Am I a good mom? If I am not exactly good, am I good enough? Or, are my kids going to be messed up because of something I did? Do I spend enough time with them? Am I too overprotective? Have I taught them what they need to know to survive this crazy life? What if ______(insert any typical mommy fear)?
These haunting voices of doubt can be relentless, and mothers ask me questions rooted in these doubts all the time. The truth is, I ask myself the same ones too. Mine come with added pressure because I am a therapist… But Teri, your kids aren’t supposed to struggle with that. Or, You teach your clients how to do these things, it shouldn’t be this hard for you.
Sometimes I can keep those voices at arm’s length, but other times, they shout at me. Doubt exploits my insecurities and sends me down a spiral full of questions. Have you ever doubted your ability to be a good mom? If you answered yes, you are not alone! Most moms doubt themselves and it can rob us of our joy and confidence in parenting. So here are ways that you can fight those voices of doubt.
Is it true? Is there evidence?
Most of the time doubt about our parenting is rooted in lies. What’s the best thing to combat lies? Truth! When you take a step back from the doubt, it’s helpful to see if there is any evidence to support it to be true. If there isn’t anything that says it is true, it’s time to let it go and claim the things you know are true.
For example, when doubt makes you ask yourself, Am I raising good kids? you can look for evidence and replay, The teacher told me last week how great it is to have Johnny in her class. And my friend commented the other day how helpful my son was around the house when she was here. Shifting these lies to truth will help you not to spiral and fight the doubt.
Don’t get caught in shame’s trap…make a change.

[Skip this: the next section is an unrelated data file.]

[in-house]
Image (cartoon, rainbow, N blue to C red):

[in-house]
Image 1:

So what if there is evidence to support the doubt? If you have trouble finding evidence that contradicts doubt’s message, this could lead to a shame spiral of beating up on yourself.
If shame creeps in, this is a great opportunity to assess the issue and make some changes. Remember: You as a mother and your child are both works in progress; there’s nothing to be ashamed of in that. We will never be perfect, but we need to recognize when there is an issue that needs to be addressed and work to take care of it.
Ask someone who is willing to tell you the truth.
Sometimes it is hard to look at yourself objectively and it can be helpful to ask a trusted person if the voice of doubt has any truth behind it. Checking with a loved one who will give honest feedback can aid you in knowing if doubt is just spitting a bunch of lies at you or if there are real issues that need to be worked on. I tend to do this with my kids every so often when I ask, Is there anything I can do to be a better mom to you? When we let our kids answer questions like these about us, it helps us find out.
The voices of doubt are only powerful when we let them be. Press on in your fight against them and use them to refine areas that need attention. What do you doubt about yourself as a mom?
Teri Claassen is a Jesus follower, wife to Dan, mommy to one boy and one girl, a foster mom to kids in need, and a therapist at Renewed Horizon Counseling in Tampa, FL.